Stack Overflow is a community of 4.7 million programmers, just like you, helping each other.

Join them; it only takes a minute:

Sign up
Join the Stack Overflow community to:
  1. Ask programming questions
  2. Answer and help your peers
  3. Get recognized for your expertise
 int main(int argc, char *argv[]) {         
    @autoreleasepool {
      const int x = 1;
      const NSMutableArray *array1 = [NSMutableArray array];
      const NSMutableString *str1 = @"1";
      NSString * const str2 = @"2";

      // x = 2; compile error
      [array1 addObject:@"2"]; // ok 
      // [str1 appendString:@"2"]; // runtime error
      // Terminating app due to uncaught exception 'NSInvalidArgumentException', reason: 'Attempt to mutate immutable object with appendString:'
      // str2 = @"3"; compile error

my Question is Why array1 addObject is legal and why str1 appendString is forbidden?

see this blow:

NSMutableString *f2(const NSMutableString * const x) {
  [x appendString: @" world!"];
  return x;

int main(int argc, char *argv[]) {
    @autoreleasepool {
      NSMutableString *x = [@"Hello" mutableCopy];
      NSLog(@"%@", f2(x));
    return 0;

and why this code is legal, how can I make an object immutable using 'const' keyword like in c++?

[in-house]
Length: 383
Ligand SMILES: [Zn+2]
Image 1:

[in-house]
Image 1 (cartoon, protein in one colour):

============================================ @see

share|improve this question
up vote 3 down vote accepted

'const' does nothing on Objective-C objects. You cannot do what you're asking for.

share|improve this answer

The trouble is that though you declared str1 to be an instance of NSMutableString, it is in fact an instance of a different subclass of NSString--in particular, it is an instance of __NSCFConstantString by default, though this class can be changed by setting a compiler flag. This is the sort of string that is returned from @"".

To fix this, just use

const NSMutableString *str1 = [NSMutableString stringWithFormat:@"1"];
share|improve this answer

Your Answer


By posting your answer, you agree to the privacy policy and terms of service.

Not the answer you're looking for? Browse other questions tagged or ask your own question.